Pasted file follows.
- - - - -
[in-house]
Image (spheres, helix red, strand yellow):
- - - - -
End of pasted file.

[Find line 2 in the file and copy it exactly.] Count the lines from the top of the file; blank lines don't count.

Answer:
Image (spheres, helix red, strand yellow):